Last week we discussed the 6 Stressors and their impact on our health. Over the coming weeks, we will be focusing on air. How the air around us affects our health, and strategies for reducing the impact of air as a stressor.

What are we breathing?

While resting, we breathe in around 8 litres of air every minute. It is made up of so much more than just oxygen. Unfortunately, much of it is not healthy. In fact, only around 20% of the air that we breathe is actually oxygen[1]. Cleaning up the air we breathe can have a huge impact on our general health and wellbeing.

We are designed to breathe clean air. As a result, everything else is considered a foreign body. These toxins need to be processed through our detoxification pathways. Some people can detoxify toxins on their own. But there are some, such as those with specific gene mutations, who really struggle with this.

We can smell many of the pollutants in the air such as perfumes, cleaning products and car exhaust fumes. However, there are many that we can’t smell. Even though we can’t smell things like dust particles, pollen or mould spores, they can still irritate the airways and cause allergies, asthma or chronic bronchitis.

Bad air and its effects

Detoxifying the pollutants we breathe in from our bodies involves a huge amount of nutrients. The more pollutants we are exposed to, the more nutrients we need to remove them. This can lead to nutrient deficiencies. When we become deficient, our general health and wellbeing begin to suffer.

The same nutrients used by the detoxification process are also used for energy production. If we don’t have enough leftover we start feeling fatigued and lethargic.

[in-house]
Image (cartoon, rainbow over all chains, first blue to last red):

As we become more nutritionally deficient, our immune system becomes compromised. A compromised immune system can lead to frequent colds and flu. If left unmanaged, this may cause more serious illnesses. Some recent studies even suggest that air pollution may directly damage brain structures. Continued exposure to pollutants can lead to Alzheimer’s disease, Parkinson’s disease, and stroke[2]. In 2014-15, over 7 million Australians had a chronic respiratory condition including Asthma, Chronic obstructive pulmonary disease (COPD), hay fever or chronic sinusitis[3].

Chronic lower respiratory diseases and cancer of the trachea, bronchus and lung are the fourth and fifth leading causes of death in Australia[4]. Toxins in the lungs can damage the blood vessels and increase the risk of heart disease[5]. Consequently, the leading cause of death – heart disease, can sometimes be directly linked to respiratory disease.

A change in the air

Most of the air pollutants we are exposed to every day come by choice. For instance, personal care products, perfumes and cleaning products are the sorts of things we can control. Limiting their use or swapping them out for healthier, natural alternatives can have an enormous impact on reducing our overall toxic load.

Next week we will talk more about air, and introduce more strategies for improving our air quality and reducing the toxins affecting our health.

References

[1] How much oxygen does a person consume in a day?

[2] How much oxygen does a person consume in a day?

[3] The Adverse Effects of Air Pollution on the Nervous System

[4] Australia’s leading causes of death, 2017

[5] Respiratory Infections Linked to Increased Risk of Heart Attack

Pin It on Pinterest